State receives $337 million for bridge improvements

  • Guthrie Scrimgeour / The Garden Island

    A one-lane bridge on Kipu Road over Hule‘ia Stream is among those considered to be in poor condition by the U.S. Department of Transportation.

LIHU‘E — The Biden-Harris administration announced the appropriation of $26.5 billion for bridge repair and rehabilitation, including $339 million for Hawai’i.

The state will have access to $67.8 million in 2022, with the remainder of the funds to be spread over the next five years.

According to the U.S. Department of Transportation Federal Highway Administration’s Infobridge tool, there are 84 bridges and over 664 miles of highway in poor condition in Hawai‘i total, including 12 bridges on Kaua‘i.

State Rep. James “Jimmy” Tokioka, who represents Lihu‘e and portions of Wailua and the South Shore, cited rehabilitating the 75-year old Kuhio Highway bridge over the Wailua River as a top priority for him.

“Because of the storms, a lot of debris came down that cracked the infrastructure of that bridge,” Tokioka said. “(It) needs to be fixed from the bottom up. That alone is probably going to cost $10 million.”

The Wailua River bridge, the most-used bridge on the island, carries 31,600 vehicles daily, while the 82-year old Kaumuali‘i Highway bridge over the Hanapepe River carries 18,600 vehicles daily.

The funding comes through the Bridge Replacement, Rehabilitation, Preservation, Protection, and Construction Program, and was made possible by the Infrastructure Investment and Jobs Act — commonly referred to as the Bipartisan Infrastructure Bill — signed into law by Biden on Nov. 15 of last year.

California received the most funding, with $4.25 billion allocated, followed by New York, Pennsylvania, New Jersey and Massachusetts.

“This historic investment will help rebuild bridges across Hawai‘i, making them safer and more resilient for everyone,” said Hawai‘i U.S. Sen. Brian Schatz, chairman of the Senate Appropriations Subcommittee on Transportation and Housing. “The bipartisan infrastructure law is already helping our state, and I’m proud to have supported it.”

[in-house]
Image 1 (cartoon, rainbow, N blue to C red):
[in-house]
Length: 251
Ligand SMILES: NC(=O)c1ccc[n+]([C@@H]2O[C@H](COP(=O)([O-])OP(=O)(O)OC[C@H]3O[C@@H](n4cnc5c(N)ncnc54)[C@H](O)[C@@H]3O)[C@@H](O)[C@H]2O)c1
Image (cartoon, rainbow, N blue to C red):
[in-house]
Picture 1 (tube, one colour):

All told, the Bridge Formula Program is expected to help repair approximately 15,000 highway bridges along with “off-system” bridges, which are generally locally owned facilities not on the federal-aid highway system.

Additionally, the FHWA will soon publish guidance on the new program that will make it easier to fix county-owned bridges, not just those on federal-aid highways, which will assist Kaua‘i in ensuring that smaller bridges are also eligible for funding.

While states normally must match federal funding with up to 20% state or local funding, the guidance issued Friday notes that federal funds can be used for 100% of the cost of repairing or rehabilitating locally owned off-system bridges.

“Notably, the federal government will make it easier for counties to access funding to help repair bridges, which is so important for smaller bridges in neighborhoods throughout the state,” said Hawai‘i Democratic Party Chair Tyler Dos Santos-Tam.

The state will also receive approximately $27 million over five years in formula funding to reduce transportation-related emissions, in addition to about $31 million over five years to increase the resilience of its transportation system.


Guthrie Scrimgeour, reporter, can be reached at 647-0329 or

  1. heavy trucks on small bridges January 20, 2022 5:44 am Reply

    what a beautful day.. use thw moneys where its really needed, teachers, lifeguards,kupuna, mwntal health, deug addiction, aloha..

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